On 16 October 1968, the image of two black American athletes, heads bowed, black gloved fists, raised into the night sky in the so-called 'Black Power' salute, shook not only the many thousands watching the event unfold live in Mexico City's Estadio Olimpico. It also sent shockwaves throughout the world. In the intervening 40 years, the event has become an iconic image, not only of the Olympic Games, but of the 20th Century. While most focus their attention on the two Americans, Tommie Smith and John Carlos, it should never be forgotten that there was a third individual on the 200 metres Victory dais that night. A white Australian athlete stood tall, proudly wearing - alongside his silver medal - a civil rights badge in support of the silent protest made by Smith and Carlos against racial discrimination. This is the biography of this Australian, Melbourne born track and field athlete Peter Norman who won a Silver medal in the 200 metres. The Gold medal winner was Tommie Smith who broke the world record to win the race. Norman equalled Smith's previous world record time in finishing second. John Carlos won the Bronze medal. Aside from the highly political nature of the iconic event, Norman's achievement in splitting the seemingly unsplittable Smith and Carlos is recognised as the best performance by an Australian male sprinter in Olympic history. So, what was the real story behind Australian track star Peter Norman’s controversial involvement in the famous ‘Black Power Salute’ at the 1968 Mexico City Olympic Games?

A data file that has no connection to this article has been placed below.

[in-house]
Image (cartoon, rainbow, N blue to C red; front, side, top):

Co-authors Damian Johnstone and Matt Norman explore the previously untold story behind the life of Peter Norman. With unprecedented access to interviews, transcripts and audiotapes, the authors capture Norman’s early life from growing up in Melbourne as part of a devout Salvation Army family, to winning the silver medal in the 200 metres at the 1968 Mexico City Olympic Games.